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Hello again

Please which one is correct and why?

- Look at all this water, it (has rained - has been raining) very hard.

Thanks
Comments  
I prefer the latter. But I can't tell why.
Hi guys,

I, too, prefer the continuous. It stresses the duration of the raining, which fits with the idea that there is a lot of water.

Best wishes, Clive
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OK

Why have you chosen Continuous not Simple?
If you say It has rained you mean that a 'rain event' happened at some time in the past, but you don't say when.

If it rained three months ago, you can still say It has rained.

If you say It has been raining you mean that the 'rain event' has just recently occurred or may even still be in progress as you speak.

The choice of been raining coincides better with the fact that there is water to be seen.

The more obvious it is at the moment of the utterence that some activity has been in progress, the more the tendency to use the perfect continuous. The more evidence there is that some activity has been in progress, the more the tendency to use the perfect continuous.

Compare:
Jerry has smoked. (At some time in his life Jerry smoked.)
Jerry has been smoking. (Jerry smoked here very recently. I can still smell the smoke in the air.)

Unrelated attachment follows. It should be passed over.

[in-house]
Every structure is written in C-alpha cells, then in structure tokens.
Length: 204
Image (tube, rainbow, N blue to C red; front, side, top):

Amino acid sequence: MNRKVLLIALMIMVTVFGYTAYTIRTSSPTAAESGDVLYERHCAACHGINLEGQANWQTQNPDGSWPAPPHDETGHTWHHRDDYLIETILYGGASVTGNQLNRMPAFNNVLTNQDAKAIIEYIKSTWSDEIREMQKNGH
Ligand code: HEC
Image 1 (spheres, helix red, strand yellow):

Susan has eaten spaghetti. (Susan is familiar with the taste of spaghetti because she has eaten it.)
Susan has been eating spaghetti. (Susan has spaghetti sauce all over her mouth.)

CJ
Thanks guys
Students: We have free audio pronunciation exercises.
Very good pointers by CalifJim, confirmed by this posting in another forum:

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From: Django Cat

Question

Does the following sentence have to take the present perfect simple or
would the continuous aspect be possible, too?

Over the past 25 years or so, more and more Americans have jumped/have
been jumping
(?) at quick-fix solutions for their fast-food habits.


Answer

Both work.

Many native speakers would prefer present perfect continuous which
(ironically as it's the more complex structure) tends to sound more
colloquial.

There's also a slight difference in meaning; to me "more and
more Americans have jumped" suggests they've jumped, and now they've
arrived, while "more and more Americans have been jumping" suggests that
they continue to jump; but it's a fairly subtle distinction.
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